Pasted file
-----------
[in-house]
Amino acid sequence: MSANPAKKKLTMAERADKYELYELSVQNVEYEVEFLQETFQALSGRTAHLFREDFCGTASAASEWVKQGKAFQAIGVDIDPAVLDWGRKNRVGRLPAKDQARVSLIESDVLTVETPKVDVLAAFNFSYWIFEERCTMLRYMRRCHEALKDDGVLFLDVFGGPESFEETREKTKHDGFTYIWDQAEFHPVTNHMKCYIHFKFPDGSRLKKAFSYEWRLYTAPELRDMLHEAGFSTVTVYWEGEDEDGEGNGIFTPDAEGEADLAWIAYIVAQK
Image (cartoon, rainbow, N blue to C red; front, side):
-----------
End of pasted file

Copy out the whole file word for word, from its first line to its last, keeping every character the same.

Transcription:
[in-house]
Amino acid sequence: MSANPAKKKLTMAERADKYELYELSVQNVEYEVEFLQETFQALSGRTAHLFREDFCGTASAASEWVKQGKAFQAIGVDIDPAVLDWGRKNRVGRLPAKDQARVSLIESDVLTVETPKVDVLAAFNFSYWIFEERCTMLRYMRRCHEALKDDGVLFLDVFGGPESFEETREKTKHDGFTYIWDQAEFHPVTNHMKCYIHFKFPDGSRLKKAFSYEWRLYTAPELRDMLHEAGFSTVTVYWEGEDEDGEGNGIFTPDAEGEADLAWIAYIVAQK
Image (cartoon, rainbow, N blue to C red; front, side):